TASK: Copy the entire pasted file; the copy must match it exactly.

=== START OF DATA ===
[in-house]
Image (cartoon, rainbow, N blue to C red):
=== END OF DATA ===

[in-house]
Image (cartoon, rainbow, N blue to C red):